All patients seen at the Dermatology ambulatory office in the Emergency Department of the University General Hospital of Heraklion from January 2003 to December 2003 were included in this retrospective analysis. From the medical records, history, physical examination and whenever necessary, laboratory investigations were analysed. All patients were evaluated by qualified dermatologists. Sex, age, clinical diagnoses and seasonal fluctuations of the most common skin problems were recorded. The management of the patients was also studied. Descriptive statistics were carried out.

Results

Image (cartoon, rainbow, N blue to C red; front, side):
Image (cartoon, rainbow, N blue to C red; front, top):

A total of three thousand seven hundred fifteen patients (3715) attended the Dermatology department. Thirty-eight per cent of patients were in the age group 21–40 years, and the male to female ratio was 1:1.2. Age distribution of cases is shown in Figure 1. The monthly distribution of patients analyzed by sex is shown in Figure 2. The pattern and the relative frequency of skin diseases are shown in Tables 1, 2. More than one third of the patients (35.7%) attended the hospital with a cutaneous manifestation of an allergic disorder [Table 1]. The most common were dermatitis and eczematous disorders that accounted for 18.1% (674 patients), followed by acute urticaria or exacerbations of chronic urticaria (14.1%, 524 patients) and drug eruptions (85 patients, 2.3%), whereas erythema nodosum and erythema multiforme accounted only for 0.6% each (21 and 23 patients respectively). A breakdown of dermatitis subtypes showed that contact dermatitis is the most common (32.2%, 217 of dermatitis cases), followed by atopic dermatitis (20.1%, 135 of cases). Dyshidrotic and seborrheic dermatitis were observed in 10.3% (69 cases) and 7.4% (50 cases) respectively. Unclassified dermatitis was seen in 30.0% (202 patients). Infectious diseases with cutaneous manifestations were observed in 26.1% of the patients. Bacterial infectious diseases accounted for 9.1% (337 patients), followed by viral exanthemas (7.3%, 271 patients) and fungal infections (5.5%, 203 patients), whereas viral warts, parasitic or venereal diseases accounted for less than 2% of the examined cases [Table 1].